"Parental Rights"

Endnotes

  1. Doug Oplinger and Dennis J. Willard, "Voucher system falls short of goals," The Akron Beacon Journal, December 14, 1999.
  2. Randy Ludlow, "Parents who benefit hail school vouchers," Washington Times, September 30, 1996.
  3. "Cleveland School Vouchers: Where the Students Come From," Cleveland OH: Policy Matters Ohio, September 2001.
  4. Jim Petro, "Cleveland Scholarship and Tutoring Program: Special Audit Report, July 1, 1995 through June 30, 1998," Auditor of State, State of Ohio, Supplement to the Special Audit Report, pp. 4, 13; Auditor of State Press Release "Petro Issues Special Audit of Cleveland Voucher Program."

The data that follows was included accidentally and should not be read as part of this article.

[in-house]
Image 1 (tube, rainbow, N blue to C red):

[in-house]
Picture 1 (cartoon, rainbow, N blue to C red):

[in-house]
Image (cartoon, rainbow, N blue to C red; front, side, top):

5. Kim Metcalf, "Evaluation of the Cleveland Scholarship Program, 1998-2000: Technical Report." Bloomington IN: Indiana Center for Evaluation, Indiana University, September 2001, p. 11.
  6. "The Cleveland Voucher Program: Who Chooses? Who Gets Chosen? Who Pays?" A Report by the American Federation of Teachers, 1997.
  7. ibid; Ohio Department of Education.
  8. In FY 1998, $5,953,254 was expended on Cleveland vouchers from a line item in the state budget. The remainder of the $35.1 million in Cleveland Scholarship and Tutoring Program (CSTP) expenditures has come from the DPIA. Ohio Department of Education, Cleveland Scholarship and Tutoring Program, Final Expenditures for Fiscal Years 1996-2000.